The Benefits of Blueberries
Blueberries are one of the healthiest foods you can eat. They are rich in antioxidants and nutrients. They can be eaten right off the plant, made into jams and jellies, fermented to make homemade wine, or baked into muffins, pies, or other baked goods.
The Needs of Blueberry Plants
With the versatility and healthiness of blueberries I decided to plant some on my farm. Even if you do not have a farm I am sure you could find a bit of space to grow blueberries in your yard or in containers on a patio. I have a lot going on at my farm in growing crops for both humans and livestock and with the constraints of living in an area of large shade trees that I have to get creative in how and where I plant my crops. I recently added a pond and had to remove some trees which open up an area for sunlight. That is where I planted my blueberry plants.
Besides obviously needing sunlight to grow blueberries need to be planted with at least two varieties for better pollination. I planted three varieties of blueberry plants: Climax, Britewell and Tifblue. I bought 16 blueberry plants from Echo Springs Blueberry Farm near my home in Texas. To give you an idea of the cost, I paid $8.75 per each 1 gallon sized plant.
Blueberry plants require acidic soil with a pH of 4.0 to 5.0. The roots of blueberry plants are shallow grown and are very close to the surface. With that in mind I will have to provide adequate soil moisture and will need to provide mulch. Mulching is required to aid in acidifying the soil, conserving soil moisture and controlling weeds.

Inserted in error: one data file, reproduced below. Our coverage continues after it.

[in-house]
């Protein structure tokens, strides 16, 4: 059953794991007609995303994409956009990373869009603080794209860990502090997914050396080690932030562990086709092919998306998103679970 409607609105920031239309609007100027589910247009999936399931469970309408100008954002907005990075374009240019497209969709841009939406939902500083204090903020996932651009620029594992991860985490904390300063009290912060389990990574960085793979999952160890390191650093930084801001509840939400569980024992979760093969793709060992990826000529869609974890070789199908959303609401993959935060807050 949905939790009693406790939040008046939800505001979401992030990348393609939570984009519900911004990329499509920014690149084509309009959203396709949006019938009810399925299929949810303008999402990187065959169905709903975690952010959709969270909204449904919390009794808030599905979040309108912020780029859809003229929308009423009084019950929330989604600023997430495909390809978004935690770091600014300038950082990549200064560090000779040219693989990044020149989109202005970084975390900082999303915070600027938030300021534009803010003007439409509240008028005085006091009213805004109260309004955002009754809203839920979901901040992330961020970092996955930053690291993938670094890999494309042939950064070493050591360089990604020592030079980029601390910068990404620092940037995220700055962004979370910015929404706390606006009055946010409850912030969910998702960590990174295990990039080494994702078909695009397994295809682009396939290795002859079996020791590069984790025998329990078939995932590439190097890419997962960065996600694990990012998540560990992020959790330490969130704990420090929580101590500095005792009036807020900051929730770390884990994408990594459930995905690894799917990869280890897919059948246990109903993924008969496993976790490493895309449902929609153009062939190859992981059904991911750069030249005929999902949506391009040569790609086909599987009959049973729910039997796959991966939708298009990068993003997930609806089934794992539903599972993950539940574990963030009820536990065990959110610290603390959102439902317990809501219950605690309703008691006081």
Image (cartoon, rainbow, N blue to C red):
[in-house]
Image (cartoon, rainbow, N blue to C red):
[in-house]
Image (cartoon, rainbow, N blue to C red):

I will also need to water the blueberry plants deeply once a week especially during the fruit ripening season. A normal blueberry season begins in late May and last until late July. I will need to pick the berries when they are fully ripe; otherwise the fruit may be sour.
How to Plant Blueberries
- While the plants are still in their pots place the blueberries to help you to visualize where they will be planted. I placed my blueberry plants 4 feet apart between each plant and about 6 feet between each row.
2. My husband tilled up the ground for me with his tractor. If you are unable to till the ground to loosen up the soil before transplanting the blueberry plants you will need to dig a hole twice the diameter of the root ball so that the roots can easily spread into the uncompacted soil.
3. Place the blueberry plant in the hole so that the top of the root ball is even with the surrounding soil level. You may discover that some of the plants may be root bound. Root bound means that the roots have essentially grown in a circle and are compacted. If this has happened you will need to gently squeeze and ruffle up the root ball a bit so that the roots begin to extend from the dirt a bit. This technique will help the plant to extend its roots into the nearby soil instead of continuing to grow in a circle.
4. Apply mulch made of pine needles, leaves, grass clippings, and/ or shredded tree bark.
5. Water thoroughly. It is important that during the first growing season to keep the root ball moist and to not allow it to dry out.
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